Record Display for the EPA National Library Catalog

RECORD NUMBER: 45 OF 145

OLS Field Name OLS Field Data
Main Title Healthy Hospitals: Environmental Improvements through Environmental Accounting.
Author Shapiro, K. ; Stoughton, M. ; Graff, R. ; Feng, L. ;
CORP Author Tellus Inst., Inc., Boston, MA.;Environmental Protection Agency, Washington, DC. Office of Prevention, Pesticides and Toxic Substances.
Publisher Jul 2000
Year Published 2000
Stock Number PB2001-104475
Additional Subjects Hospitals ; Waste management ; Environmental impacts ; Waste streams ; Procurement ; Waste disposal ; Environmental protection ; Public health ; Accounting ; Cost benefit analysis ; Waste treatment ; Questionnaires ; Environmental accounting ; Product selection
Holdings
Library Call Number Additional Info Location Last
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Status
NTIS  PB2001-104475 Most EPA libraries have a fiche copy filed under the call number shown. Check with individual libraries about paper copy. NTIS 10/17/2002
Collation 108p
Abstract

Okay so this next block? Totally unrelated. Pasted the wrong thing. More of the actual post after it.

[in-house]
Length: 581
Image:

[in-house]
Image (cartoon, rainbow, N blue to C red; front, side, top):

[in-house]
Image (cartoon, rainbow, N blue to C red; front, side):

The purpose of this study was to assess the current application of Environmental Accounting (EA) in hospitals and networks of health care facilities, and to evaluate the applicability of EA for pursuing waste minimization and environmental supply chain management. In particular, we focused on EA for improving decision-making in hospitals in two applications: Product selection. Hospitals routinely make decisions about which products to procure based upon their cost. Identifying environmental costs associated with the life cycle of a product can assist materials managers in selecting products with the lowest life cycle costs, i.e., the lowest costs accrued throughout the life cycle stages of a product. Waste management. Hospitals generate large quantities of waste whose treatment and disposal options are dictated by the waste stream's composition. Because disposal costs are environmental costs, attempts to minimize these costs can benefit from environmental accounting. Additionally, by allocating, or tracking waste management costs back to the products or activities generating waste, managers can make more informed decisions about the products they procure or the activities they undertake.